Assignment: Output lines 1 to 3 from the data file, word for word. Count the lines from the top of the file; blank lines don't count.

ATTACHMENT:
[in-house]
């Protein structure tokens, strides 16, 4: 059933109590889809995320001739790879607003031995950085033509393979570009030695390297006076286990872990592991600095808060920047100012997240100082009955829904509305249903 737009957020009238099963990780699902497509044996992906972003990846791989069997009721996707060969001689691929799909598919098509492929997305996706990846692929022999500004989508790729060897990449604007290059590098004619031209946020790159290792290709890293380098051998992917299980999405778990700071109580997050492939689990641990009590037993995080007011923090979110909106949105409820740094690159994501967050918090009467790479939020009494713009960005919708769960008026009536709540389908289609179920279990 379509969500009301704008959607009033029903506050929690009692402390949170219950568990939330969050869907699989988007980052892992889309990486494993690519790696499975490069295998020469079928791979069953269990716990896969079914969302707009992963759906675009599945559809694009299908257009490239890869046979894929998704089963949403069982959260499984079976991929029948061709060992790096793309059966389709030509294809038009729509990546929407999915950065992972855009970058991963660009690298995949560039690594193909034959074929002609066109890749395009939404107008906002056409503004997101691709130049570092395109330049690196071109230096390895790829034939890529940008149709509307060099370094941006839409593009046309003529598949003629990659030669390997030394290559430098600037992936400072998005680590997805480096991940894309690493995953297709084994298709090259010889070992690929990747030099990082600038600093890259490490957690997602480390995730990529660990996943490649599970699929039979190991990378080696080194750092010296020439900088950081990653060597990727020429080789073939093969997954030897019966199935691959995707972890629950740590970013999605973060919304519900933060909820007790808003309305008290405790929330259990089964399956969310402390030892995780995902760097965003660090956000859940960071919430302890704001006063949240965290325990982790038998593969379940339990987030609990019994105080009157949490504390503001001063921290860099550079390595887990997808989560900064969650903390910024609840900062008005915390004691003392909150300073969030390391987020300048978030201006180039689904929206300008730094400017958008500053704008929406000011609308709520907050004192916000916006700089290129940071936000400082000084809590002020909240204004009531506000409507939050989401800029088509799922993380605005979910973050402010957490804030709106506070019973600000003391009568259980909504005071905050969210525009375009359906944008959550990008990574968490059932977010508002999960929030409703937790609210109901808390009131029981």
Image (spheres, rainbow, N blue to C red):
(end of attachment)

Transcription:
[in-house]
């Protein structure tokens, strides 16, 4: 059933109590889809995320001739790879607003031995950085033509393979570009030695390297006076286990872990592991600095808060920047100012997240100082009955829904509305249903 737009957020009238099963990780699902497509044996992906972003990846791989069997009721996707060969001689691929799909598919098509492929997305996706990846692929022999500004989508790729060897990449604007290059590098004619031209946020790159290792290709890293380098051998992917299980999405778990700071109580997050492939689990641990009590037993995080007011923090979110909106949105409820740094690159994501967050918090009467790479939020009494713009960005919708769960008026009536709540389908289609179920279990 379509969500009301704008959607009033029903506050929690009692402390949170219950568990939330969050869907699989988007980052892992889309990486494993690519790696499975490069295998020469079928791979069953269990716990896969079914969302707009992963759906675009599945559809694009299908257009490239890869046979894929998704089963949403069982959260499984079976991929029948061709060992790096793309059966389709030509294809038009729509990546929407999915950065992972855009970058991963660009690298995949560039690594193909034959074929002609066109890749395009939404107008906002056409503004997101691709130049570092395109330049690196071109230096390895790829034939890529940008149709509307060099370094941006839409593009046309003529598949003629990659030669390997030394290559430098600037992936400072998005680590997805480096991940894309690493995953297709084994298709090259010889070992690929990747030099990082600038600093890259490490957690997602480390995730990529660990996943490649599970699929039979190991990378080696080194750092010296020439900088950081990653060597990727020429080789073939093969997954030897019966199935691959995707972890629950740590970013999605973060919304519900933060909820007790808003309305008290405790929330259990089964399956969310402390030892995780995902760097965003660090956000859940960071919430302890704001006063949240965290325990982790038998593969379940339990987030609990019994105080009157949490504390503001001063921290860099550079390595887990997808989560900064969650903390910024609840900062008005915390004691003392909150300073969030390391987020300048978030201006180039689904929206300008730094400017958008500053704008929406000011609308709520907050004192916000916006700089290129940071936000400082000084809590002020909240204004009531506000409507939050989401800029088509799922993380605005979910973050402010957490804030709106506070019973600000003391009568259980909504005071905050969210525009375009359906944008959550990008990574968490059932977010508002999960929030409703937790609210109901808390009131029981």
Image (spheres, rainbow, N blue to C red):